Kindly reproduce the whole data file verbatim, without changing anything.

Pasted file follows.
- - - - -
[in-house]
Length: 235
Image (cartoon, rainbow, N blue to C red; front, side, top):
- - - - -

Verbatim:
[in-house]
Length: 235
Image (cartoon, rainbow, N blue to C red; front, side, top):